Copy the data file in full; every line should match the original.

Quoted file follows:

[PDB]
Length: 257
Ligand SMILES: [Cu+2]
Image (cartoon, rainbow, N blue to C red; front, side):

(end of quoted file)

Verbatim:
[PDB]
Length: 257
Ligand SMILES: [Cu+2]
Image (cartoon, rainbow, N blue to C red; front, side):